Much of the buzz around bundled payments has been focused on their potential for containing or reducing the overall costs of healthcare. However, as important as cost-cutting is, it is certainly not the whole story when it comes to the goals of the bundled care model. Improving the quality and efficiency of care is also a primary goal of this value-based payment model.
In the bundled payment model, healthcare providers are held accountable for meeting standards for both financial and clinical performance. They are expected to keep costs of each episode of care at or below a certain target price while maintaining or improving quality of care. Providers who meet both cost containment and quality benchmarks are typically rewarded via shared savings agreements and/or performance bonuses, while those who fail to meet those standards can be financially penalized.
This system creates incentives to streamline the care process since cutting the fat from that process provides a means of reducing overall costs without compromising quality of care. This works to improve care delivery in the following ways:
By sparking the creation of standardized care pathways
Clinical variation is often at the root of differences in costs, care quality, patient satisfaction and patient outcomes between similar episodes of care. For this reason, provider groups participating in bundled payments are developing standardized care pathways, founded on evidence-based best practice guidelines, for bundled conditions or procedures. The goal is to minimize variations in clinical practices from one case to another and better ensure that cost and quality benchmarks are met. These standardized care pathways work to improve alignment among those providing care throughout each care episode, including acute-care hospitals, physicians, surgeons, and post-acute providers, which helps to ensure consistent, high-quality, cost-efficient care is delivered to every patient.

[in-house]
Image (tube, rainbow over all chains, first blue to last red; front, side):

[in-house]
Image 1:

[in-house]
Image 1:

By driving improved coordination of care
Fragmented care is a major driver of inflated healthcare costs and can have detrimental effects on the quality and efficiency of care. This means that close collaboration between all providers involved in each episode of care is essential to meeting cost and quality benchmarks built into the bundled payment model. Many provider groups are stepping up their care-coordination game by providing a dedicated care coordinator to each patient who will oversee all aspects of treatment from start to finish, following that patient as they transition from acute care to post-acute care and beyond. More efficient care coordination improves care delivery, eliminating many of the issues related to care fragmentation, including redundant testing or treatment, haphazard follow-up care and poorly executed care transitions.
Improving care delivery via the bundled payment model benefits all. The same incentives that strive to reduce healthcare costs for payers also work to increase the efficiency and productivity of healthcare providers and improve the standard of care received by the patients they serve.